What's new

When life gives you lemons…

By David, 18 January 2016 Activity

Written by Mike McRae

Several squeezed lemonsand some lemon juice

Squeeze the lemons into a bowl.

Make some lemonade this summer, using this easy recipe!

food safety hazard iconhot hazard iconSafety: Use clean hands and equipment. This activity requires boiling water. Ask an adult to help.
First aid: If you burn yourself, run the burn under cold water for 20 minutes.

You will need

  • 2 teaspoons citric acid
  • 2 teaspoons table salt
  • 2 cups sugar
    Someone is pouring sugar into the bowl.

    Add some sugar.

  • 1 L water
  • Juice and rind of 3 large lemons
  • Kettle
  • Large bowl
     a large measuring cup full of lemonade.

    Enjoy with ice on a hot day.

  • Sieve or strainer
  • Wooden spoon
  • 2 L jug or bottle

What to do

  1. Fill a kettle with 1 L of water and bring to the boil.
  2. Place all of the ingredients into a large bowl and ask an adult to help you pour in the boiled water.
  3. Stir the ingredients with a wooden spoon until the sugar has completely dissolved.
  4. Allow the mixture to sit overnight.
  5. Pour the mixture through a sieve or strainer into a jug.
  6. To drink it, add one part of the mixture to three parts cold water.
  7. Add ice and serve chilled on a hot summer’s day.

What’s happening?

Few people enjoy popping a slice of lemon in their mouth, let alone sucking on tartaric acid. We’ve evolved to sense acids through the unpleasant taste of sourness, possibly to prevent us from eating large amounts of unripe fruit.

In the past, tastes have been associated with particular areas of the tongue, as a ‘taste map’. However this is a myth – while some areas of the tongue might be better at detecting certain chemicals due to the tongue’s shape and position in the mouth, taste depends on how chemicals interact with different types of cell that make up the taste buds scattered all over your tongue’s surface.

For example, acids are chemicals that release protons (or hydrogen ions). These particles cross the membrane of one type of cell and kick off a chemical chain reaction inside, causing a nerve to send a particular message to the brain.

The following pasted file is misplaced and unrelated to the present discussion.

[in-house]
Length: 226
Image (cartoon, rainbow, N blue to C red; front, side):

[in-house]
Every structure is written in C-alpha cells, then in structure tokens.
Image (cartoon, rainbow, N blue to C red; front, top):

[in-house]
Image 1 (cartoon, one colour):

Sweet tastes are caused by chemicals (such as simple sugars) being detected by a type of receptor that sends another signal to the brain.

It’s the brain that interprets all of the taste signals to form flavour. The mix of signals from the sweet and acidic ingredients in this recipe means you don’t notice the sourness so much, making lemonade and lemon cordial refreshing, thirst-quenching beverages rather than something that makes your mouth pucker.

Real-life science

On a trip to explore the wilds of western Africa in 1725, the French explorer Reynaud des Marchais documented a variety of fruits. Among them was the berry Synsepalum dulcificum, which has rather a peculiar effect when you eat it – it makes sour foods taste remarkably delicious.

The special chemical in this fruit is called ‘miraculin’. This molecule sticks to the receptors inside taste buds that are responsible for sweet flavours, making them send signals to the brain in response to any acids in the mouth. Although sour foods might taste nicer, miraculin doesn’t change the acids in them, making for a big belly ache if you eat too many sweet, sweet lemons.

If you’re after more science activities for kids, subscribe to Double Helix magazine!

Subscribe now! button

1 comments

  1. That’s so cool that you can eat lemons after the special chemical and then it tastes sweet!!🍋🍋😅

      Reply

Leave a Reply

By posting a comment you are agreeing to the Double Helix commenting guidelines.

This site uses Akismet to reduce spam. Learn how your comment data is processed.